People Over Profits
Focus Lab doesn’t have Core Values. My theory is that you can’t hire someone then dictate what they value. Sure, you can limit who you hire to only those who already value what you do; but I don’t like that limitation. Rather than defining and pushing Core Values on team members, we have a set of Core Standards. These are standards we hold one another to, and strive to push each other to continually improve upon. They serve as the foundation of behaviors that drive us to challenge our own status quo. This article is part of a series walking through the Core Standards at Focus Lab.
You’ve probably heard the phrases Business to Business and Business to Consumer. These are categories that define who a product or service is geared towards. They have purpose and make sense to me. I’d like to offer another category though. This is a category that every single one of us falls into, regardless of what we do for our clients.
This is the People to People business.
Everything we do has a person on the other end in some form or fashion. Whether we’re building cars, baking foods, selling in a retail environment, or designing websites. People are the common denominator.
...it’s people who impact the profits; and profits that keep the engine running.
If you’ve been in any kind of business for long, you’re familiar with the importance of profit. Profit is the money left over after you’ve covered your costs in doing a job. Profit is what gives freelancers and businesses the means to invest in what they want. Whether that means money you take home or opportunities to invest in new ideas. Profit is the lifeblood of any business.
So we have two key pieces to business we’ve identified: people and profits. They’re not directly related all the time, but it’s important we consider the relationship as often as possible. After all, it’s people who impact the profits; and profits that keep the engine running.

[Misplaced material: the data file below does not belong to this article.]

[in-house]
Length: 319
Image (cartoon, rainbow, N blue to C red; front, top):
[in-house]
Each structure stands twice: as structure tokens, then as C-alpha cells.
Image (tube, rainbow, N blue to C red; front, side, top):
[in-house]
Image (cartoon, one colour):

There are three main ways we place priority on People over Profits.
Prioritizing Self over Profits
Have you ever been so busy that you can’t imagine taking on a new client immediately — but then an “amazing opportunity” comes your way and you can’t see yourself passing on it? Either the money looks great, the client name, the project context, or whatever? This is a tricky scenario to work through because taking on more work can be detrimental to many things.
I’m willing to bet I’m not the only one who has overloaded myself with work and had my health suffer as a result. It didn’t take too long for me to realize my physical and mental limits and allow those limits to inform my decisions. Sometimes you just have to put your own health and wellness over income opportunities. After all, what future good are you to yourself or to society if you’ve worked yourself to death?
Prioritizing Team over Profits
Another way to look at People over Profits is in how a financial desire or need impacts a team of people you work with. Whether that’s a team of other freelancers, or a team you manage, your financial decisions can often impact them. Sometimes for the better and sometimes for the worse.